The Beginning of Garbage Collection

Obviously garbage collection began with the horse and wagon which theoretically could have gone back to the invention of the wheel or similar ancient times.  However regular door to door garbage collection as we know it, didn't become common place until the 1800s.  In medieval times, people often dumped it in the gutter for eventually removal by sanitation workers armed with shovels, brooms and a horse drawn wagon.  Usually it sat a while before getting picked up, leading to very unsanitary conditions, attracting all manner of disease, rodents and insects.  Not to mention some pretty foul odors on a hot summer's day!  These unsanitary conditions were responsible for spreading much of the Plague.  It became obvious that trash should be picked up in recepticles on a regular schedule.  That way, nothing would be left out in the street to rot.  Another solution was for everybody to burn as much garbage as they could as everybody had a stove in those days.  Ash removal therefore was a common service.  Once people started heating their homes by other means than a wood or coal stove, burning garbage became less practical, and therefore proper garbage removal became more crucial.

The Dump

In a small community, people would bring their trash to a central location, without needing the services of collection.  However this became impractical for any municipality as populations grew.  So, a garbage dump was set up, usually far away enough from people's residences.  At this site, it was common to burn much of the refuse to reduce the volume and kill off any disease that could be spread by a pile of rotting organic matter.  Today we have incinerators that do this job.  Quick burial of the refuse is another solution, which is the most common practise in North America.  In countries where land is at a premium such as Japan, incinerator is the favored solution.  In some cases in earlier times, garbage was simply dumped into the river, lake or sea, often with serious environmental consequences.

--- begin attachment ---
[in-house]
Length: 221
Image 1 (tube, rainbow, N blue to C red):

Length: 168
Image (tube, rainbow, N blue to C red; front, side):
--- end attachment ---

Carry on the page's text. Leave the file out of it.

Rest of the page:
Up to the late 1960s, trucks would simply go a dump somewhere on the outskirts of town or city.  However, for very large cities, with much larger waste problems, a suitable dump usually had to be built quite far from the city.  Since it would be inefficient for trucks to have to travel that great distance, several transfer stations are scattered around the city, where trucks would dump their loads.  The refuse would then be hauled off in large transport trucks to a dump (or incinerator) which can be hundreds of miles away.  Because of the short distances to transfer stations, trucks can resume their collection sooner.
 

Going to the Dump vs. a Transfer Station

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Page created Apr 19, 2003